A Florida soldier has reunited with a stray dog she rescued while stationed in Iraq.
U.S. Army Reserve Sgt. Tracy McKithern was stationed in Kurdistan Training Coordination Center as a combat photographer when she laid her eyes on Erby, a small, dirty white stray pup who seemed hungry.
It was love at first sight.
McKithern and the other soldiers stationed at the multinational military organization near Erbil started caring for the puppy, devoting her the name Erby Kasima- after Erbil, the largest city in northern Iraq, and for the Arabic name meaning “beauty and elegance.”
“She loved everyone, ” the soldier told FOX1 3. “She is the sweetest little soul. She came up to me immediately, probably hungry, but gentle. I think she was looking for love more than anything else.”
McKithern was stationed in Iraq from April 2017 to January 2018 and every time coalition soldiers would go on convoys- with McKithern documenting the missions- Erby would eagerly await their return.
“She ran up to our escort every day, ” she recollected. “She was so tiny she would fall and trip all over herself to get to us.”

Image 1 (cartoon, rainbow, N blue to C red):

As McKithern’s date to return stateside approached, she wondered about the possibility of bringing Erby back to the U.S. with her.
“One night I posted a pic of us on Facebook, with the caption that read something like’ I wish I could take her home, ’” she said. “I went to sleep, woke up and my friends and family had posted links to various rescue groups.”
One of them was the non-profit Puppy Rescue Mission, who instantly reacted. Through crowdfunding, McKithern was able to raise the $4,500 needed to pay for official documents, vaccinations and travel arrangements to get Erby to the U.S.
She documented the whole ordeal on Instagram.
McKithern returned earlier this year and with help from other soldiers in Iraq, Erby was set to follow her several weeks later.
Weeks before Erby’s arrival to the U.S ., McKithern received orders for a 67 -day mission to Fort McCoy, Wisconsin- starting the very same day her pup was scheduled to arrive.
“I couldn’t believe it! ” she recalled, “but I’m a soldier first…it killed me that it was going to keep me away from Erby for another two months, but it’s an important mission. It will all be worth it in the end.”
On March 11, as McKithern flew out to Wisconsin, her husband, Sgt. Wes McKithern, also a combat cameraman, met Erby at JFK airport in New York and drove her home to Tampa.
On Wednesday, McKithern returned home and, after many months apart, eventually reunited with Erby.
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